Compartment-dependent activities of Wnt3a/β-catenin signaling during vertebrate axial extension

Arnon Dias Jurberg, Rita Aires, Ana Nóvoa, Jennifer Elizabeth Rowland, Moisés Mallo*

*Corresponding author for this work

Research output: Contribution to journalArticlepeer-review

26 Citations (Scopus)


Extension of the vertebrate body results from the concerted activity of many signals in the posterior embryonic end. Among them, Wnt3a has been shown to play relevant roles in the regulation of axial progenitor activity, mesoderm formation and somitogenesis. However, its impact on axial growth remains to be fully understood. Using a transgenic approach in the mouse, we found that the effect of Wnt3a signaling varies depending on the target tissue. High levels of Wnt3a in the epiblast prevented formation of neural tissues, but did not impair axial progenitors from producing different mesodermal lineages. These mesodermal tissues maintained a remarkable degree of organization, even within a severely malformed embryo. However, from the cells that failed to take a neural fate, only those that left the epithelial layer of the epiblast activated a mesodermal program. The remaining tissue accumulated as a folded epithelium that kept some epiblast-like characteristics. Together with previously published observations, our results suggest a dose-dependent role for Wnt3a in regulating the balance between renewal and selection of differentiation fates of axial progenitors in the epiblast. In the paraxial mesoderm, appropriate regulation of Wnt/β-catenin signaling was required not only for somitogenesis, but also for providing proper anterior-posterior polarity to the somites. Both processes seem to rely on mechanisms with different requirements for feedback modulation of Wnt/β-catenin signaling, once segmentation occurred in the presence of high levels of Wnt3a in the presomitic mesoderm, but not after permanent expression of a constitutively active form of β-catenin. Together, our findings suggest that Wnt3a/β-catenin signaling plays sequential roles during posterior extension, which are strongly dependent on the target tissue. This provides an additional example of how much the functional output of signaling systems depends on the competence of the responding cells.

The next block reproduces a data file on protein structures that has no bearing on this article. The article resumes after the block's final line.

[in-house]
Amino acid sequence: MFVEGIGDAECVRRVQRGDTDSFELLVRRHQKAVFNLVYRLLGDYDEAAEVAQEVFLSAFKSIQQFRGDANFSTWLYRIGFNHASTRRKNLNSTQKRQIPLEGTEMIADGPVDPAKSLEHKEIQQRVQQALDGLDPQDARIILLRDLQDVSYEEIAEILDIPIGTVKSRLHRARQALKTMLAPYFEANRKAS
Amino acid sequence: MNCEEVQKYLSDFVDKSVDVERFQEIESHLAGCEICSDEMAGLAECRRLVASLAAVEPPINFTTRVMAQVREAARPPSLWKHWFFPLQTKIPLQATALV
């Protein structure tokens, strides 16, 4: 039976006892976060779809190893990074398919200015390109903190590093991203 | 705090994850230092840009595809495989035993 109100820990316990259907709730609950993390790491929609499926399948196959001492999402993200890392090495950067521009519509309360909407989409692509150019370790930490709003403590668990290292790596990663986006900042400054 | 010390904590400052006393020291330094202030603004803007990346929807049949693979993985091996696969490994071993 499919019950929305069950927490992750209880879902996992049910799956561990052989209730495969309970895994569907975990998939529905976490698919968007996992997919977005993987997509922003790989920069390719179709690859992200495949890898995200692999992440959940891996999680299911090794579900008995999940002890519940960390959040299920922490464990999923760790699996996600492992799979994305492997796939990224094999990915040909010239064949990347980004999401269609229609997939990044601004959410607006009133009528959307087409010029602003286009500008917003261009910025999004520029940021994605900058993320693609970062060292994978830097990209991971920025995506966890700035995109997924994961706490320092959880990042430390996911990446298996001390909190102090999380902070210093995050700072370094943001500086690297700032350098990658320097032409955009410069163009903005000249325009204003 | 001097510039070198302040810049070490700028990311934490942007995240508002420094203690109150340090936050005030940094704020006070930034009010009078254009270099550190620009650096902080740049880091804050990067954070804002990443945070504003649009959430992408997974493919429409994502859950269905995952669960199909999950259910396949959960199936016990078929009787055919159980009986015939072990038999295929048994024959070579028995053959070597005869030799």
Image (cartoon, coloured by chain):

Original languageEnglish
Pages (from-to)253-263
Number of pages11
JournalDevelopmental Biology
Issue number2
Publication statusPublished - 15 Oct 2014
Externally publishedYes


  • Axial progenitors
  • Mouse development
  • Patterning
  • Wnt signaling


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